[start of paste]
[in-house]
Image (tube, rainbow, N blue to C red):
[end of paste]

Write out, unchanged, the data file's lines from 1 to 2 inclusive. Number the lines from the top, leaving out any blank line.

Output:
[in-house]
Image (tube, rainbow, N blue to C red):